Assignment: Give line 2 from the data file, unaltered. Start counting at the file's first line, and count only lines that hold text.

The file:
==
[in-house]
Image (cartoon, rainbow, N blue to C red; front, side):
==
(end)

Image (cartoon, rainbow, N blue to C red; front, side):